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. keep doing. go long. >>> president obama and house speaker john boehner both talking today about the looming fiscal cliff. but not to each other. the president was making his case on the road while boehner was dismissing the white house proposal as a joke. cnn senior congressional correspondent dana bash joins us live from the capital. dana, what's the latest? >> reporter: well, joe, it turns out he laughed at geithner when he proposed the white house package which includes $1.6 trillion in tax increases. instead, today mcconnell floated to "the wall street journal" the idea of revenues by medicare and eligibility age, but democrats are very dug in. they say anything that doesn't include tax increases on the wealthy is a nonstarter. a day after getting a white house proposal the republicans greeted as a joke, they're not laughing. >> now, the white house took three weeks to respond with any kind of a proposal and much to my disappointment it wasn't a serious one. >> reporter: house speaker john boehner rushed to the cameras to respond to the president's campaign-style event at a
. boehner and the republicans have to be aware of where obama's at in his own head and with his colleagues, which is no deal without some increase in rates, or we go over the cliff. >> let me just add one thing. when obama made that initial offer, we talked a little bit about how, you know, it was a wish list. it was ideological, whatever you want to say. i think it actually helped boehner in some respects because it gave him three or four things that he could then go back to his caucus and say, look, i moved obama off of this, this and this. and when boehner put his offer out there, you started to see what could potentially be a chip-trading process going on here, whereby you have some give on, you know, cpi, the inflation index for social security, and in exchange boehner would agree to some marginal rate in the tax rates. now the people need to start figuring out what they want to give and take. >> the only difference i would say, steve, between what the president wants and john boehner is it's not what john boehner wants. it's what john boehner can deliver. >> yeah. >> and this is a si
a crisis but it will require even more skill than talks between obama and boehner. >> i remember after reading k s kissi kissinger's book on china, a fascinating world view we are sort of evangelical about spreading democracy. china sees themselves as the center. no, you come to us. i said, is that true? do the chinese not want to sweep into europe? he said, no, you understand what the chinese want, look at the gdp number. it has to be at 9% or 10% or they feel they lose dprip on power. >> the narrative to any family in china if you look back about ten years they're better off. that's when the real problems set in. >> what are the poll outlets or ways that this country, that america can have sort of a resurgence in manufacturing. >> the natural gas boom and things like that placing an emphasis on speed. if you have an idea for a new product you want to get to market five weeks from now, it's possible to do that better in california, in texas and boston rather than going to hong kong. >> that's very -- >> you did mention on the list one of the things that the obama administration loves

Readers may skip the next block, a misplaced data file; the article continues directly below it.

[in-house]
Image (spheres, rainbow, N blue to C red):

worked out between -- where president obama and speaker boehner tried to work out last year. and also -- while certainly both sides are saying that specifics are lacking, there is certainly, i think, a feeling from some democrats that maybe it could have been worse. maybe they were expecting something that in their estimation might have been even more towards what republicans would want. >> brianna keilar, thank you. i guess we're supposed to be encouraged that everybody wasn't just giggling over the proposals. rks said they laughed at the white house proposal. >>> let's get to senator johnson, member of the budget committee and the appropriations committee. we appreciate your time this morning. >> morning, soledad. >> you heard brianna's report a moment ago. she said the white house rejected it because they're like, listen, it has to have tax increase on the top 2% or it's a complete no go. would you be willing, in fact, to raise taxes on the top 2% wealthiest americans? >> to meet the case for growth and how it's ten times more effective than just increasing tax rates. few numbers.
are at a virtual impasse when it comes to entitlement benefits and tax hikes. and while president obama is sending timothy geithner over to capitol hill today the president himself was supposed to meet with john boehner this week but now it seems he has no plans of doing that. but politico is reporting this morning that the top officials who have been working on this deal behind the scenes for months now said they are starting to get together an outline of an agreement. if all of that does go through here's what we can expect. for one taxes will go up by about $1.2 trillion. president obama has called for a $1.6 trillion tax hike over the next decade. this is right about in the middle of what democrats want and what republicans say they're willing to give. people making more than $250,000 a year should see limited deductions and loopholes and they'll most likely see a rise in their rates as well. as for entitlement benefits and this mainly goes for medicare, those will be cut by at least $400 billion and potentially a lot m
Search Results 0 to 4 of about 5